Sent: Thursday, February 18, 2016 8:17 PM
To: walter block
Subject: The Law of Diminishing Marginal Utility
The Law of Diminishing Marginal Utility: Each successive unit of a good grants its owner less utility than the previous unit.
Counter Example: I have a bike missing it’s two tires, surely the first tire I buy would grant me less utility than the second.
Did I go wrong? If so then where? N
For most economic issues, the proper unit is one apple, or one chicken. For shoes, it is two shoes, or a pair, at least usually. With regard to bike tires, the proper unit is two of them, also. Ditto for cars: four.
I suggest you read this:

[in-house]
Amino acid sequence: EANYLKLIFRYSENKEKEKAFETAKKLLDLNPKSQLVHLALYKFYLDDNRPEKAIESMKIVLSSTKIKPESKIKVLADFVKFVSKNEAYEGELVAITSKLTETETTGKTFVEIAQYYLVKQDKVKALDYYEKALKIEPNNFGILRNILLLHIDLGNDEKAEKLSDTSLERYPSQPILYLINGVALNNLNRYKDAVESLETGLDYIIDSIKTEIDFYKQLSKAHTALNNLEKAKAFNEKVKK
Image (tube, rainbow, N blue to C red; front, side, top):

Rothbard, Murray N. 1982. “Law, Property Rights, and Air Pollution,” Cato Journal, Vol. 2, No. 1, Spring; reprinted in Economics and the Environment: A Reconciliation, Walter E. Block , ed., Vancouver: The Fraser Institute, 1990, pp. 233-279; http://mises.org/story/2120; http://www.mises.org/rothbard/lawproperty.pdf;
and search for “technological unit.” Not only will this help solve your problem, it is also the very best essay ever written on environmental economics.7:27 pm on January 4, 2019 Email Walter E. Block